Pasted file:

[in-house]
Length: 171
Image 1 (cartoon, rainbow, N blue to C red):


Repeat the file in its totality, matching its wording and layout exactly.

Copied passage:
[in-house]
Length: 171
Image 1 (cartoon, rainbow, N blue to C red):